Bach’s Goldberg Variations have played a central role in harpsichordist Pierre Hantai’s musical life since his early youth. At 28 he recorded the work for the Opus 111 label (now available on Naïve), a highly acclaimed release that stands among the work’s choice versions. Over the past 11 years Hantai evidently has rethought and refined his interpretation, as revealed in this 2003 remake. There’s greater rhythmic freedom and variety of articulation, plus a more subjective approach to ornaments and agogics, especially in the repeats (he observes all but those in Variation 15, 25, and the Aria Da Capo; the 1992 recording honors all repeats save for Variation 25). Variations previously characterized through Hantai’s seamless legato technique (Nos. 3, 6, 8, 11, 17, and 18, for example) are further enlivened by detaché finger strokes and more inflected phrasings. The latter infuse Variations 7, 10, and 16 with greater resilience and rhythmic verve than their earlier counterparts.
The Grünfeld is a highly dynamic opening in which Black’s position often seems to hang together by a single thread; and yet, this apparently precarious equilibrium appears to be enough to make it entirely viable - up to the highest level.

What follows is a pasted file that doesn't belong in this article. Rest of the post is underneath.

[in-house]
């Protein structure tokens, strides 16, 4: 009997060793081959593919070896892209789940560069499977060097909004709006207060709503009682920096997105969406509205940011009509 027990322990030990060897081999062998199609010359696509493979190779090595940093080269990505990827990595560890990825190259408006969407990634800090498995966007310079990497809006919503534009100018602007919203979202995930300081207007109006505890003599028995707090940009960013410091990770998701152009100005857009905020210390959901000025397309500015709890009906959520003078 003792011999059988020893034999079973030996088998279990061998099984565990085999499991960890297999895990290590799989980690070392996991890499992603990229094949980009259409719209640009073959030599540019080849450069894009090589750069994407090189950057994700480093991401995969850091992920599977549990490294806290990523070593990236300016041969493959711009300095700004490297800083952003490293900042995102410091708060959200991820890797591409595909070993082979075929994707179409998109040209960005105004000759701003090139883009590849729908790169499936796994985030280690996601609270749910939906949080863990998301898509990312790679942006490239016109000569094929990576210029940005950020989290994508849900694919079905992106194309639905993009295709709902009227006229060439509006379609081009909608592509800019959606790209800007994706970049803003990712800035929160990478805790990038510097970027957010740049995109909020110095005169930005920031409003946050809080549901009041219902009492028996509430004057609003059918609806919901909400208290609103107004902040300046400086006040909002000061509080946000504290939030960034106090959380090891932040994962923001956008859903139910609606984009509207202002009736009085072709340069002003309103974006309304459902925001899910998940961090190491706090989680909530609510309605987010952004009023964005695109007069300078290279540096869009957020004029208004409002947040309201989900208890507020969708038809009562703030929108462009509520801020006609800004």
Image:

The American lutenist, Hopkinson Smith, began as a teenager he began to study the classical guitar and in his early 20's, he became acquainted with the lute which he started to learn by himself. He majored in musicology at Harvard and graduated with honors in 1972. In 1973, Hopkinson Smith came to Europe to devote himself to the lute in earnest. He worked in Catalonia with Emilio Pujol, a profound pedagogue in the 19th century tradition who instilled in him a sense for higher artistic values, and in Switzerland with Eugen Dombois whose sense of happy organic unity between performer, instrument and historic period has had a lasting effect on him. From the mid 1970's, he was involved in various ensemble projects including the founding of the ensemble Hespèrion XX and a ten-year collaboration with Jordi Savall. This collaboration led to important experiences in chamber music which were a creative complement to his work as a soloist.